Posts by Laurence Hart

Transforming Information Governance at ARMA Boston

Laurence Hart speaking at ARMA Boston, presenting the importance of mapping the information flowLast week I had the pleasure of jumping up to Boston to present at ARMA’s Boston Chapter. The topic was a familiar one, Information Governance in the Age of Digital Transformation. I updated and expanded my keynote from the 2016 Information Governance Conference to allow the attendees to receive the latest insights.

As expected, it was a great event with a lot of good conversations about how we can take a fresh approach to Information Governance. This is a real need as many organizations are still struggling to make strides more than two decades after beginning this journey.

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Getting Information to the People at AIIM17

A sign welcoming people to AIIM17Another year and another AIIM Conference in the bag. It was a good year as the industry seems to be slowly coming to the realization that while content is a problem, the solution is to solve the business problem, not necessarily the content problem.

The industry entered AIIM17 with a debate over whether Content Services or Enterprise Content Management (ECM) should be the default name for the industry. The speakers, and attendees, basically uttered a massive, “Who cares?” We are solving problems and learning how to make sure that not just information can be found. Valuable information can be found.

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Look Before You Leap at the "Easy" Solution

Artificial canyons created with index cards from a display at the Renwick Museum, DCA common refrain that I hear is the statement, “I need a new content management system.” I often nod in understanding because most organizations have challenges with their current systems. Understanding that you have a problem is a great first step in determining a solution. It is during the second step of the procurement process when organizations introduce problems.

Skipping the Why

Most organizations skip over the why phase. They may automatically define “the why” as their system is broken. This overlooks many possibilities. Was the software implemented correctly? Were people trained? Has the system been maintained? Are there processes in place to modify the system as the organization evolves?

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Making Information Management Work in Our Digital World

These filing cabinets have a lot of information to digitizeOne of our core solutions at TeraThink is Information Management. It is a term that we, and the industry, use to encompass a large collection of skills and expertise centered around content and information. Information Management is also a critical part of everything organizations do every day.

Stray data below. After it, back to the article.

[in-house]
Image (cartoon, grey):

How do we define that collection of skills? Stated from a high level:

Information Management (IM) is a strategy for the coordinated management of all information throughout an organization, allowing for people and systems to find and use information from within any business context.

The goal is to provide people the right information at the right time and be confident that nothing is being overlooked. We make sure that information flows as needed between every system and process. Whether we are talking about governance, content, or digital transformation, IM is at the heart of every project and sets up long-term success for our clients.

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All About Design at the 2016 Information Governance Conference

Laurence Hart of Dominion Consulting participating in the closing keynote panel of the 2016 Information Governance ConferenceThis year’s Information Governance Conference (InfoGovCon) in Providence, RI last week was a great experience and I was excited to represent TeraThink at it. During what is quickly becoming the premier event in the industry, a milestone was marked in the evolution of the information governance industry. Loaded with some amazing speakers, the conference had a feeling of an industry who is trying new ideas and advocating for a complete change to how we approach the management, and subsequent governance, of information.

The key focal point was on the people working with information in our organizations. How can we remove the friction between people and the content management systems (CMS) that we implement? Specifically, how can we use design thinking to improve the user experience? This new focus on design and people was present in keynotes, individual talks, and in the hallway conversations. While there were still a lot of war stories shared, there was an underpinning of hope that we can make real progress.

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Bringing Digital Transformation to the Information Governance